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A tale told with sound and fury signifying very little, Darren Aronofsky’s mother! may be his first movie misfire. In a career of audacious pictures, proof positive of membership a very small club of contemporary auteurs, Aronofsky is as visionary as they come—even when the vision spirals out of control.

And this time, does it ever. Bold isn’t necessarily brilliant, and mother!, an aggressive kitchen sink repository of obvious social allegory and artistic self-reflection that pushes experimentation and shocks, is an empty horror machine so impressed with its sledgehammer-heavy themes and blazing aesthetic that it becomes an exercise in what might fairly be called directorial mania. Yet for all its ambition and hysterics, it can’t produce one scene of recognizable human behavior—or any reason for us to care.

Jennifer Lawrence and Javier Bardem star as a nameless couple holed up in an old, Victorian home in the country. While Mother (Lawrence) toils away restoring the structure’s visage, obsessing on shades of taupe, Him (Bardem), a frustrated poet and former success now suffering from writer’s block, broods, showing little interest in his much younger wife.

Things take a turn upon the arrival of a bizarrely invasive family of uninvited interlopers, led by patriarch Ed Harris, who claims to be dying and a true fan of Him’s work. Along also is his glamorous, bluntly direct wife, played by Michelle Pfeiffer in her best role and work in decades. The way Pfeiffer toys with Lawrence’s patience and graciousness, scene-for-scene, is a real hoot.

It’s an immediately recognizable situation—obtuse guests lacking in manners and etiquette—and one played for wicked, satirical laughs by the wry Pfeiffer, tossing off passive-aggressive judgments and overstepping every boundary.

Soon the couple’s sons show up (played by a feral Domhnall Gleeson and Brian Gleeson in a Cain and Abel mano-a-mano), an unfortunate death occurs and the visitors are expelled. But the shocking event, and Bardem’s handling of the circumstances, will become a black mark on the relationship.

Things go from bad to much worse when Lawrence becomes pregnant, which reignites Bardem’s creativity leading to the creation of a masterful poem that quickly becomes a major success, attracting all manner of attention—wanted on his part, not on hers. And in this final act, the picture departs from traditional narrative and becomes as radical a mainstream picture as seen in ages, unglued from reality, subtlety and sense.

The final half hour is a phantasmagoric vomit of ideas and imagery rendered with the mastery of a visionary, which is to say superb technique in service of nonsense, a parade of amped up absurdity that severely impacts our ability to take any of Mother’s plight seriously. It is a loud, brutal and increasingly silly succession of atrocities that all but capsize the picture.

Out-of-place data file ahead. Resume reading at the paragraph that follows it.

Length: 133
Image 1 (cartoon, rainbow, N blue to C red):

Lawrence, shot in close-up throughout, is called upon to convey exactly one thing—rising exasperation—which she does, and well. But her frustration begins about a third into the picture and escalates throughout the remainder taking as much a toll on us as herself; it’s the calibration of an emotion, not a character.

The underlined allegories are made obvious, and then made obvious again, including: the rapacious ego of an insecure artist and its devouring effects on a relationship and family; the toxic hunger for fame and its consequences; zealous fandom and the cancer of celebrity worship; the shallow pursuits of materialism; the brazen inconsideration of modern Americans; the fear of loss of privacy, home invasion and a militarized state; the relationship between creator, subjects and domain, which includes an Eden-like paradise destroyed by its reckless denizens.

Comparisons to Polanski’s eternal Rosemary’s Baby are inevitable, and indeed mother! leads to a similar climax of paranoia and cultist depravity. Lawrence has called the film “feminist” in some circles, but that seems as much of a stretch as Aronofsky’s suggested  global warming parable. Well, maybe. Or maybe not.

But instead of the meditation on—take your pick—whatever it thinks it is, mother! plays mostly like an extended Twilight Zone episode, which makes sense given that Aronofsky reportedly drafted the screenplay in six days and from a collection of modern maladies bothering him and for which he saw no solutions. Throughout the picture we are never convinced of anything onscreen; the directing of actors and contextual absurdity is so intentionally broad that it all feels like a put-on, robbing us of any deeper investment in its people or Lawrence’s plight.

In the end, mother! is nothing more than an assemblage of ideas that never becomes substantively compelling enough to merit interest as a narrative, and is leagues below Aronofsky’s best picture, Requiem for a Dream, and his most popular, Black Swan. Like mother!, both of those pictures deal in the extremities of obsession. But unlike either, the new film is cardboard.

It’s horrifying all right, but not as intended.

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